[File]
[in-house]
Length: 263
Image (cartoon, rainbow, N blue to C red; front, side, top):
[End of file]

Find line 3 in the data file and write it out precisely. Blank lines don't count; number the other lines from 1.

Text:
Image (cartoon, rainbow, N blue to C red; front, side, top):